U.S. Attorney General Eric Holder will step down this year, he said in an interview with the New Yorker’s Jeffrey Toobin in the magazine’s Feb. 17 edition.
In a feature article, Mr. Holder said he plans on staying in his position “well into” the year.
Last November, Mr. Holder, the first black attorney general, told CBS News he didn’t have “any plans” to step down.
Mr. Holder has made voting rights the test case of his tenure, the New Yorker reported. He has been a vocal critic of the Supreme Court case that invalidated key parts of the Voting Rights Act and has supported Congressional action to renew and revise the law.
During his five years as the nation’s top law enforcement officer, Mr. Holder has also weighed in on other controversial Supreme Court decisions. Mr. Holder said he wouldn’t defend the Defense of Marriage Act in court and over the weekend announced the Department of Justice’s plans to give same-sex couples the same rights in the federal legal system as married heterosexual couples, regardless of whether a state recognizes same sex marriage.
As recently as Nov. 19, Holder, the first African-American attorney general in U.S. history, told CBS News that he didn't have "any plans" to step down.
Holder, a graduate of Columbia Law School, first joined the U.S. Justice Department in 1976. President Ronald Reagan appointed him to the Superior Court of the District of Columbia in 1988. President Bill Clinton tabbed him as Deputy Attorney General in 1997, the first African-American to hold that position. After the Clinton administration, he practiced at a private firm before joining the presidential campaign of Barack Obama.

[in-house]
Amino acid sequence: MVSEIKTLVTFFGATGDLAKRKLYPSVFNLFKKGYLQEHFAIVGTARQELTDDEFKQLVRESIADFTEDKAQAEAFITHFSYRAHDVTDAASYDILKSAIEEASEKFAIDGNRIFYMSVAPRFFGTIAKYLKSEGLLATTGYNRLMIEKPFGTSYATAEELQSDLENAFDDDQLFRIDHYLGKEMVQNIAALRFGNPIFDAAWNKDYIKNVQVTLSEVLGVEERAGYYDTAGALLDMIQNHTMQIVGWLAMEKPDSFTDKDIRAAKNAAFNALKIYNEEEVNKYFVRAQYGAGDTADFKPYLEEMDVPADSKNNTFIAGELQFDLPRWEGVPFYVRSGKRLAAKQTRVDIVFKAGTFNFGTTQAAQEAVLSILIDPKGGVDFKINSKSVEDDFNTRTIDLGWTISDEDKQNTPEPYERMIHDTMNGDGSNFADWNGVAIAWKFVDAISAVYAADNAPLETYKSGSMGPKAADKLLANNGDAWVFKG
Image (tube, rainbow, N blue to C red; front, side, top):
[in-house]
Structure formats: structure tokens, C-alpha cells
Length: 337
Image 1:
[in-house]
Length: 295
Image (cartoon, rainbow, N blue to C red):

His tenure as Attorney General has included several landmark cases and decisions on policy, as well as a fair amount of controversy. He has been a vocal critic of the U.S. Supreme Court's decision on the Voting Rights Act and Toobin's feature outlines his plan to continue advocating for voting rights in the wake of the decision. He also announced that the Justice Department would stop defending the federal Defense of Marriage Act in court, and the law was struck down by the U.S. Supreme Court last June.
Congressional Republicans have frequently criticized Holder's policies, and 20 House Republicans filed articles of impeachment in November. He was found in contempt of Congress by the House in June 2012 for failing to release requested documents related to Operation Fast and Furious.
The transcript, as provided by the Justice Department, is below.
Toobin: “And how long are you going to be the Attorney General? You mentioned ‘as long as I’m Attorney General’…”Holder: “Well, you know, I’ve still got things I want to do. I mean, I’ve got this fight, this criminal justice reform stuff that I talked about, I guess, in August at the ABA. I’ve got financial cases I’m still working on. So I’m going to be here for a while.Toobin: “Do you want to put any more specific - this is like journalism … I have to ask all these questions. If you don’t want to tell me, don’t tell me. Like, do you know? A year? Two years?”Holder: “I guess, I think what I’ve said is, I’m going to be here certainly into 2014.”Toobin: “That’s a big commitment. It’s in like three weeks…”Holder: “I think I’ve said, ‘well into 2014.’”Toobin: “I see. ‘Well into’? OK, very good.”